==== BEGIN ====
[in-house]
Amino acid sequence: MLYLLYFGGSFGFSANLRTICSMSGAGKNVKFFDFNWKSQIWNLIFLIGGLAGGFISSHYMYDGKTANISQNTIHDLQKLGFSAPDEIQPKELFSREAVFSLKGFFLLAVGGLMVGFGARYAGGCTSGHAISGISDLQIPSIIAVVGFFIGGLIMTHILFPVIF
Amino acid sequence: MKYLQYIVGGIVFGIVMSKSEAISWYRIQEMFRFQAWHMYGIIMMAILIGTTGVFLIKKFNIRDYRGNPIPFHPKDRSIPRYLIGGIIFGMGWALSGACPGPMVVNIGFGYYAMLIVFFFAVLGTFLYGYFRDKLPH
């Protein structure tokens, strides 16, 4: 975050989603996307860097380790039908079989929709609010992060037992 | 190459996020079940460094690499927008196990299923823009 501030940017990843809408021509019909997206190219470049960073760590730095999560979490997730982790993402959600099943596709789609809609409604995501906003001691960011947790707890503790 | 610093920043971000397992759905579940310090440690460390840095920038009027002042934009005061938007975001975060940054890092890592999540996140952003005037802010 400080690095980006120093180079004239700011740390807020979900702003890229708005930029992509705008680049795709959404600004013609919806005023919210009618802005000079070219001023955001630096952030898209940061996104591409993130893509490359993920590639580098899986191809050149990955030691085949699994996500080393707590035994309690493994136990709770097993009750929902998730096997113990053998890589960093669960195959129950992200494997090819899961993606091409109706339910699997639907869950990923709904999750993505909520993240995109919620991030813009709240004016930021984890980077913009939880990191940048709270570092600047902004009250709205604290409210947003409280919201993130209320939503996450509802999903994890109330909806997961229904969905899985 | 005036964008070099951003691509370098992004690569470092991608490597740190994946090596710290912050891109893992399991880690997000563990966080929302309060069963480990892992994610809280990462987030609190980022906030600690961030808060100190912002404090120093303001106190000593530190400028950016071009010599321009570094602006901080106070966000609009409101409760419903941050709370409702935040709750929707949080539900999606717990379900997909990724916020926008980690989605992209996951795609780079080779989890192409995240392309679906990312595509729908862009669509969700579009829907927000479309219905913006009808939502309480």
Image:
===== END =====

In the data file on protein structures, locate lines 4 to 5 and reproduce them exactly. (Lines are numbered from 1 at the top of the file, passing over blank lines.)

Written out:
């Protein structure tokens, strides 16, 4: 975050989603996307860097380790039908079989929709609010992060037992 | 190459996020079940460094690499927008196990299923823009 501030940017990843809408021509019909997206190219470049960073760590730095999560979490997730982790993402959600099943596709789609809609409604995501906003001691960011947790707890503790 | 610093920043971000397992759905579940310090440690460390840095920038009027002042934009005061938007975001975060940054890092890592999540996140952003005037802010 400080690095980006120093180079004239700011740390807020979900702003890229708005930029992509705008680049795709959404600004013609919806005023919210009618802005000079070219001023955001630096952030898209940061996104591409993130893509490359993920590639580098899986191809050149990955030691085949699994996500080393707590035994309690493994136990709770097993009750929902998730096997113990053998890589960093669960195959129950992200494997090819899961993606091409109706339910699997639907869950990923709904999750993505909520993240995109919620991030813009709240004016930021984890980077913009939880990191940048709270570092600047902004009250709205604290409210947003409280919201993130209320939503996450509802999903994890109330909806997961229904969905899985 | 005036964008070099951003691509370098992004690569470092991608490597740190994946090596710290912050891109893992399991880690997000563990966080929302309060069963480990892992994610809280990462987030609190980022906030600690961030808060100190912002404090120093303001106190000593530190400028950016071009010599321009570094602006901080106070966000609009409101409760419903941050709370409702935040709750929707949080539900999606717990379900997909990724916020926008980690989605992209996951795609780079080779989890192409995240392309679906990312595509729908862009669509969700579009829907927000479309219905913006009808939502309480």
Image: